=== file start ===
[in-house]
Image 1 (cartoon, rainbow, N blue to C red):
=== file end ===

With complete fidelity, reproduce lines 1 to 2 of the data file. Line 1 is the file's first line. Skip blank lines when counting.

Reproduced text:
[in-house]
Image 1 (cartoon, rainbow, N blue to C red):